At the start of the pandemic, I’d taken a keen interest in studying the historical development of Brazil’s political climate. Having been unable to visit Brazil in 2020, my goal was to focus on digesting as much of Brazil’s contemporary history (late 18th century to 2020) and synthesizing a common theme in terms of its political evolution. Now that I’m in Brazil, I’ve had many opportunities to do “on the ground” research, with my only limitations being time and the language barrier. At the moment, I’ve taken an interest in gathering what people thought about the military dictatorship from 1964-1985. Some of the reactions I’ve managed to elicit from people were relatively surprising, given we’re in Salvador, Bahia.
Since landing on the ground in Brazil, my senses have been overwhelmed and saturated with all sorts of new things. New smells, new sights, new architecture, language, people, and so on. Everything here has potential for information and there’s so much going on it’s hard to keep track of time. I was assigned a host family based on the information provided, and with it, plenty of time to get to know them. Located just a hop-skip away from the Instituto Cervantes, the apartment resides in a middle class neighborhood/apartment complex. The area is a majority working class, although they live well. However, Bahia has a reputation for being intensely against Jair Bolsonaro, who himself used his time as a captain during the military dictatorship for his presidential platform. I was curious to find out (for those who lived through those times) what their thoughts were about the junta and whether or not they were adversely affected.
Something interesting about talking to people in Bahia was their cognizance of the unique past history. Many people of color could say their ancestors were enslaved at so-and-so, although few could gander where their ancestors in Africa resided prior to being enslaved and taken to Portuguese America. Ethnic identity is a significant part of a Brazilian’s story, and it shapes how they view the world and how they define themselves as Brazilian. Dance and song were of utmost importance in the expression of Afro-Brazilians, where Brancos often reflected on what brought their ancestors over and what they did, some at the expense of other human beings. The period from 1964-1985 was another incredible chapter in Brazil’s history, with far reaching ramifications for the country and the rest of South America. I wanted to find out what people’s ethno-lingustic backgrounds were related to their experiences with the military dictatorship.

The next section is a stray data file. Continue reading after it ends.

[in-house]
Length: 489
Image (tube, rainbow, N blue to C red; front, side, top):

The first people I asked were my host parents, who we’ll call John and Jane. John was more outspoken about his own perception of the military dictatorship, saying they were “good days.” My host mom didn’t add much on, although she did mention at one point she didn’t like candomblé. I should also note they’re both of European descent, with John being predominately Portuguese and Jane being of Spanish descent. I was keen to continue asking questions, but it seemed pacing was going to be necessary since they’d get worked up over political topics. I talked to another set of host parents, of whom were similar enough in terms of descent (host dad was European, host mother was indigenous and Afro-Brazilian), who both shared their dislike for Bolsonaro and emphasized the repressive history of the military dictatorship. Something I want to continue to study moving forward would be gender as an evolving subject in Brazil. For instance, how younger Brazilians treat women is sometimes very different than how their older counterparts expect women to be homemakers.
Nevin Vincent is a senior at CSB/SJU, where he pursues political science and history as his majors. He is originally from Palmer, Alaska. He's hoping to pursue graduate school in the future, and hopes to someday teach the history of the Turkic world. He enjoys learning about topography, linguistics, history, and sailing. He's a woodland firefighter, which gives him a unique perspective on camping. He looks forward to visiting Brazil after a two-year delay in his itinerary to Salvador due to the COVID-19 pandemic.